As a result of the publication of the allegations of the draft complaint, Dr. Hoefflin filed a complaint for defamation against the Hurvitzes, case No. SC049883 (No. 883). Dr. Hoefflin also filed a cross-complaint in No. 313, the case initiated by Dr. Hurvitz, containing similar allegations of defamation. Dr. Hoefflin then filed a cross-complaint in another action pending between him and the Hurvitzes, case No. SC051519 (No. 519). The defendants in No. 519 included the Hurvitzes and Gregory Smith, one of the attorneys for the employees who had threatened to sue Dr. Hoefflin. In addition to defamation, the cross-complaint in No. 519 alleged conspiracy, promissory fraud, fraud in the inducement, and breach of contract, based on the turnover of the draft complaint to the press.
Finally, Dr. Hoefflin filed yet another complaint against the Hurvitzes, case No. SC052602 (No. 602), this time including one of the settling employees, Kim Moore-Mestas, Smith, and another attorney for the employees, Richard Garrigues. With regard to the Hurvitzes, the complaint in No. 602 alleged that they encouraged Moore-Mestas to breach the confidentiality provision of the employees' settlement agreement. The complaint in No. 602 included defamation claims, but they were brought against Moore-Mestas and the attorneys only. The complaint also included a cause of action for "injunctive relief" seeking to keep all the defendants from "disseminating and discussing false allegations of misconduct by [Dr. Hoefflin] including but not limited to the allegations in the COMPLAINT, as well as the terms of the SETTLEMENT AGREEMENT with various persons, including the media." For reasons that are not entirely clear, this complaint was never served on the Hurvitzes.
No. 313 and No. 883 were consolidated. The remaining cases, along with two others not involving the Hurvitzes, were deemed related and counsel was required to coordinate discovery.
St. Paul's Representation and SettlementOn February 13, 1998, St. Paul agreed to represent the Hurvitzes in No. 883 (the first independent action for defamation filed by Dr. Hoefflin) under a reservation of rights. On September 8, 1998, St. Paul agreed to defend the Hurvitzes against the cross-complaint in No. 313, and the cross-complaint in No. 519. This was also subject to a reservation of rights.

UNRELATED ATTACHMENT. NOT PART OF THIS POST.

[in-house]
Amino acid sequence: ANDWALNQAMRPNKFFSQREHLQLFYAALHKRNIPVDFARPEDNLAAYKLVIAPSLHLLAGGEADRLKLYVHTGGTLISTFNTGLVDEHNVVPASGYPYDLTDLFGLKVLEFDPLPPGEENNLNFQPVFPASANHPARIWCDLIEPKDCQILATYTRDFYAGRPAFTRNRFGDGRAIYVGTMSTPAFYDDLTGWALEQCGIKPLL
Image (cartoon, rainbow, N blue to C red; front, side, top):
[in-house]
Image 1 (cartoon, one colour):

On July 1, 1998, St. Paul declined to represent the Hurvitzes in the other independent lawsuit filed by Dr. Hoefflin, No. 602, on the ground that "[t]he only cause of action against the [Hurvitzes] is for intentional interference with contractual relationships and the final cause of action against all Defendants for injunctive relief"; "[t]he cause of action for interference with contractual relationship does not potentially allege bodily injury, property damage or an occurrence"; "[the claim does not] potentially allege any enumerated tort under the personal injury coverage . . . or any claims for advertising injury"; and "[a]ny potential claims for libel or slander that the facts might describe are being pursued by [Dr.] Hoefflin in a separate action [and] are not potentially alleged here."
The Hurvitzes were initially represented by independent counsel, Thomas M. Ferlauto, and his firm, King Ferlauto, due to St. Paul's reservation of rights. St. Paul withdrew its reservation of rights on November 29, 1999, and proceeded to appoint Richard Charnley as new defense counsel for the Hurvitzes. The next month, St. Paul sent a letter to Ferlauto in which terms of settlement of both Dr. Hoefflins' claims against the Hurvitzes and the Hurvitzes' potential claims against St. Paul and Dr. Hoefflin were discussed, and the following statement was made: "If you would prefer for St. Paul not to settle the case, and would rather withdraw the tender of this claim for any defense by St. Paul, you, of course, have that right. Please advise us by the end of the day. As long as this case is being tendered to St. Paul and defended by St. Paul, St. Paul may exercise its right to settle the claims against its insured." In April 2000, Mrs. Hurvitz sent a letter stating that she wished to withdraw the tender of all lawsuits that St. Paul had been defending on her behalf. Nevertheless, St. Paul proceeded to settle all of Dr. Hoefflin's claims against it and the Hurvitzes, including the claims against Mrs. Hurvitz and the claims in No. 602, the action which St. Paul had consistently refused to defend.